Merged based Gs treat all combinations as equal regardless of the complexity of the combinations or differences among the items being combined. If Merge is the only operation, then it is easy to sum the operations that provide the linguistic complexity. It’s just the same thing happening again and again and on the (reasonable) assumption that doing the same thing incurs the same cost we can (reasonably) surmise that we can index the complexity of the task by adding up the required Merges. Moreover, this hunch seems to have paid off in this case. The merges seem to map linearly onto brain activity as expected if complexity generated by Merge were a good index of the brain activity required to create such structures. To put this another way: A virtue of Merge (maybe the main virtue for the cog-neuro types) is that it simplifies the mapping from syntactic structure to brain activity by providing a common combinatory operation that underlies all syntactic complexity. Here is Dehaene-PNAS paper (4):
A parsimonious explanation of the activation profiles in these left temporal regions is that brain activity following each word is a monotonic function of the current number of open nodes at that point in the sentence (i.e., the number of words or phrases that remain to be merged).
This makes for a limpid trading relation between complexity as measured cognitively and as measured brain-wise transparent when implemented in a simple parser (note the weight carried by “parsimonious” in the quote above). What the paper argues is that this simple transparent mapping has surprising empirical virtues and part of what makes it simple is the simplicity of Merge as the basic combinatoric operation.
There is lots more in this paper. Here are a few things I found most intriguing.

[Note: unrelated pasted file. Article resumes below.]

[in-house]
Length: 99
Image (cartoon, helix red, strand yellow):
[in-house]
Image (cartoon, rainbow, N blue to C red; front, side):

A key assumption of the model is that combining the words into phrases occurs after the word at the left edge of the constituent boundary (2-3):
…we reasoned that a merge operation should occur shortly after the last word of each syntactic constituent (i.e., each phrase). When this occurs, all of the unmerged nodes in the tree comprising a phrase (which we refer to as “open nodes”) should be reduced to a single hierarchically higher node, which becomes available for future merges into more complex phrases.
This assumption drives the empirical results. Note that it indicates that structure is being built bottom-up. And this assumption is a key feature of a Merge based G that assumes something like Extension. As Dehaene-PNAS puts it (4):
The above regressions, using “total number of open nodes” as an independent variable, were motivated by our hypothesis that a single word and a multiword phrase, once merged, contribute the same amount to total brain activity. This hypothesis is in line with the notion of a single merge operation that applies recursively to linguistic objects of arbitrary complexity, from words to phrases, thus accounting for the generative power of language
If the parsing respects the G principle of Extension then it will have to build structure in this bottom up fashion. This means holding the “open” nodes on a stack/memory until this bottom up building can occur. The Dehaene-PNAS paper provides evidence that this is indeed what happens.
What kind of evidence? The following (3) (my emphasis):
We expected the items available to be merged (open nodes) to be actively maintained in working memory. Populations of neurons coding for the open nodes should therefore have an activation profile that builds up for successive words, dips following each merge, and rises again as new words are presented. Such an activation profile could follow if words and phrases in a sentence are encoded by sparse overlapping vectors of activity over a population of neurons (27, 28). Populations of neurons involved in enacting the merge operation would be expected to show activation at the end of constituents, proportional to the number of nodes being merged. Thus, we searched for systematic increases and decreases in brain activity as a function of the number of words inside phrases and at phrasal boundaries.
So, a Merge based parser that encodes Extension should show a certain brain activity rhythm indexed to the number of open nodes in memory and the number of Merge operations executed. And this is what the paper found.